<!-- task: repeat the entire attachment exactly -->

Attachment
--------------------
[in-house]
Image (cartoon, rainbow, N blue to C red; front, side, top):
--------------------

[in-house]
Image (cartoon, rainbow, N blue to C red; front, side, top):